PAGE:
Elon Musk says:

Many movies exist about a lone inventor in a garage having a eureka moment, but almost none about manufacturing, so it’s underappreciated by the public. Compared to the insane pain of reaching high-volume, positive-margin production, prototypes are a piece of cake.

(Not many such movies,  but one that comes to mind is Valley of Decision, a 1945 film centered around family-owned steel mill in Pittsburgh.  I reviewed the movie, and the book on which it is based, here.  Also, there’s Executive Suite, a film from 1954 which involves executive succession at a furniture manufacturer…mentioned in a batch of reviews that I posted here)

In a comment at an earlier version of this post at Ricochet, Gary McVey noted that

“the eastern Europeans (in other words, the Communists, if not always the Soviets) were pretty good about trying to publicize the drama of start-up, the challenges of production. When we mock those days for films “about a couple falling in love at the tractor factory”, we are mocking something that, if you actually see the films, is in fact objectively a good thing. Some of them, by the Poles, Hungarians, and Czechs, were good. The best of them had little or nothing to do with Marxist theories, just the everyday achievements of construction, engineering, and metalwork that sated Western audiences found dull as dishwater.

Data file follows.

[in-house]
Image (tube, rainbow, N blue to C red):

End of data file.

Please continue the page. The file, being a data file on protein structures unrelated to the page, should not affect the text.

A tractor factory’s a good thing to have, if you care to eat. There was nothing contemptible about making movies about it.”

Ashwin Varma argues that the usual narrative about WWII industrial production is defective, in that it does not give sufficient credit to the role of government.

The Department of Education embarked on a project to modernize and simplify the process for applying for student aid.  It is not going well.

The Biden administration is supporting the reopening of a nuclear plant in Michigan.  As Stephen Green says, it’s the right thing to do, but the Democrats doing it reeks of desperation.

gCaptain is a good source on the Baltimore bridge disaster and on all matters nautical.

In my post Visit to a Noteworthy Robot, I described a trip to a store equipped with Amazon’s no-check-out system.  Now, Amazon has decided to drop this system in most of the stores in which it is being used…problem is that too much human intervention (1000 people in India reviewing images that the AI can’t reliably interpret) to be cost-effective.

Cultural Theory of Mind and the consequences of not having it, especially the foreign-policy consequences.

Interesting chart: the ratio of commodity prices to the S&P 500.

An argument that the theft of national sovereignty at the Euro level was orchestrated entirely by legal elites – not political, much less economic, ones.